Oral session 1: Offloading

Oral session 1: Offloading
The effect of felted foam on plantar peak pressure relief and it’s preservation over
Tessa Busch-Westbroek, Academic Medical Centre, Amsterdam, Netherlands
Laurens Holst, Vrije Universiteit, Amsterdam, Netherlands
Han Houdijk, Vrije Universiteit, Amsterdam, Netherlands
Sicco Bus, Academic Medical Center, Amsterdam, Netherlands
Aim: Plantar foot ulcers are usually the result of high plantar pressures in combination with
reduced sensibility and foot deformities. Offloading interventions are commonly used to
lower the pressure at ulcer locations to promote healing1 2. Felted foam is a commonly used
adjuvant therapy to relieve the pressure and heal plantar foot ulcers3. However, the
evidence for its offloading effect is limited.4 5 The aim of this study is to assess the effect of
different commonly used felted foams on peak plantar pressure relief and preservation over
Methods: Sixteen healthy adult subjects participated in the study. First, a cross-sectional
study was performed to study the pressure-relieving effect at the central metatarsal heads of
six different types of felted foam. We used Hapla Swan foam, Hapla Foam-o-felt, Hapla
Mixture felt, Hapla Semi-compressed felt, Hapla Poron and Cellona padding felt. Each was
available in a 5 and 10mm thickness, that were attached to the plantar forefoot and
assessed with the subject walking across an EMED-X pressure platform. An aperture was
cut in each felted foam that represented the region of interest. In a subsequent longitudinal
study, three selected types of 5-mm thick felted foam were randomly attached under the feet
and worn for 3 consecutive days. Peak pressures were measured with the EMED-X after
24h, 48h, and 72h.
Results: All tested types and thicknesses of felted foam significantly reduced peak
pressures, compared to walking barefoot without felted foam. Mean peak pressure
reductions varied between 31 5 % and 42 6 % across foams. Over time there was a
tendency of increased peak pressures with 17-22% after 24h and small increases (<5%)
after that. However pressure increase compared to baseline was significant in only one foam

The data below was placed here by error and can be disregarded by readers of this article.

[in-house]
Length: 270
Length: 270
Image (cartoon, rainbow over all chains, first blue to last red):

at 72h.
Conclusions: Felted foam is effective in relieving peak plantar pressure in the forefoot of
healthy individuals. There is no reason to believe that outcomes would be different in
diabetic patients. The felted foam loses its offloading effect over time, most notably in the
first 24 hours of wearing and thus requires frequent replacement, preferably every day.
Felted foam seems to be a useful adjuvant therapy to offload the foot
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Footwear for diabetic patients with peripheral neuropathy: Impact of a rocker sole on
Hanna McShane, Aktiv ortopedteknik, Lund, Sweden
Magnus Londahl, Skane University Hospital, Lund, Sweden
Nerrolyn Ramstad, Jönköping University, Jönköping, Sweden
Aim: Shoes with rocker profiles reduce plantar pressure in people with diabetes and
peripheral neuropathy. These patients however suffer from impaired balance and an
increased risk of falls. The extent to which rocker profile shoes affect balance is currently
unclear.The aim of this study was to investigate the effects of a standardised rigid forefoot
rocker on balance and gait in people with diabetes and peripheral neuropathy.
Methods: Nineteen patients with diabetes and peripheral neuropathy participated. Patients
were assessed wearing footwear with a rigid forefoot rocker (test shoe) and wearing
standard orthopaedic footwear (control shoe)., Three tests, all correlated to fall risk, were
performed. These were, standing balance, timed up and go test, and temporo-spatial
parameters of gait.
Results: A significant difference was observed in medio-lateral Sway when subjects were
standing with their feet together (p<0.05). The test shoe condition resulted in a reduced